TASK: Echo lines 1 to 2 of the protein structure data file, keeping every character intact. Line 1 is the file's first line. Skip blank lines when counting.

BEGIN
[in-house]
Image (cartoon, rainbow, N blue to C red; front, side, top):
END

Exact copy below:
[in-house]
Image (cartoon, rainbow, N blue to C red; front, side, top):